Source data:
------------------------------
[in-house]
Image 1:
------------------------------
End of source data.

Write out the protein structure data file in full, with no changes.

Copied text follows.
[in-house]
Image 1: